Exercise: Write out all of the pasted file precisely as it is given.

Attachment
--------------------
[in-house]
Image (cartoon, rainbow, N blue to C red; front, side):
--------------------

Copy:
[in-house]
Image (cartoon, rainbow, N blue to C red; front, side):